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Create a better social product to replace Facebook challenge (openbookchallenge.com)
51 points by baili on March 21, 2018 | hide | past | favorite | 24 comments



Diaspora raised a slew of money back in 2010 but flopped.... it’s almost as though we knew this would happen....

https://techcrunch.com/2010/05/12/diaspora-open-facebook-pro...


Diaspora has a local Ruby install, maybe that could be an interim solution? seems to still have some activity / pull requests.. https://github.com/diaspora/diaspora


Building a better product isn't the issue, it's convincing people to use it. The entire value proposition of using Facebook is that a lot of people use Facebook.

You kill Facebook by ceasing your use of Facebook, if you can without too horrible consequences.


To solve this chicken and egg problem, you could build a social network that interoperates with Facebook -- use a combination of public (and undocumented browser to server) APIs to proxy communications back and forth. Then anyone who wants to use Competitorbook can still talk to people on Facebook through it, allowing competing social networks to naturally grow without network effect problems.

This would threaten FB and immediately lead to an API blocking arms race, to be followed by a legal challenge. If you're well funded and win the legal challenge (which hey, IANAL at all, but the comparison between FB today and Bell in its time is not crazy) you win.


What if it piggybacked off of Signal instead?

After the Cambridge Analytica fiasco, I’ve told all of my Facebook Messenger contacts that I’ll only chat on Signal from now on. With Signal providing identity management (and backed by a foundation with $50 million in the bank), that might reduce the bootstrapping necessary.

Start with profiles, then groups, then events, and grow from there.


> Building a better product isn't the issue, it's convincing people to use it.

Calacanis should just fund one of the 100+ alternatives that already exist, but don't yet have a critical mass of users. Funding someone to write new software for something that not only could, but should be bootstrapped is unlikely to produce anything viable.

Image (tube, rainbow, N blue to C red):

Or fund lobbying of (probably EU) politicians to write a law forcing Facebook to interoperate with the 100+ alternatives that already exist, using OAuth / OpenID Connect and W3C social networking standards.

Once people can have all the benefit of Facebook (i.e. mutual visibility with Facebook users) without having their data stored on Facebook's servers, or their experience controlled by Facebook's UI, then Facebook will quickly diminish in relevance.


Won’t this work the opposite way as well? Facebook will be free to ingest all of the data from the smaller social networks


They're already free to do this in theory with social network sites that don't require logins to see people's data (i.e. Twitter clones), but hopefully the EU's GDPR would make it easy to bring a case against Facebook if they were using the ingested data for any purpose other than supporting their own users.

The competing social network would probably need to have a privacy policy saying that other sites can ingest their data only if the remote user's "friend request" is accepted by the local user, and the data can only be ingested for a set of prescribed purposes.


I'm curious to see what the next 'social networking site' is going to be, but I'm also wondering how much our expectations of 'social networking' have changed since Facebook entered the room and took over the conversation. (Took over, not changed)

My chief complaint, personally about these sites is that I'll use it, just let me use it the way I want to in relative peace. That means: unless I subscribed to a specific type of update, I don't want to hear about it. No "In case you missed", no "Your other friends liked x, why don't you go indicate the same by interacting with UX feature 42", no "Hey friend 88 is on the platform, go look at what they're doing and signal your emotional reaction to it".